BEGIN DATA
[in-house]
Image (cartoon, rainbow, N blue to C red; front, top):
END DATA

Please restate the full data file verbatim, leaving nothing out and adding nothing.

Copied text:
[in-house]
Image (cartoon, rainbow, N blue to C red; front, top):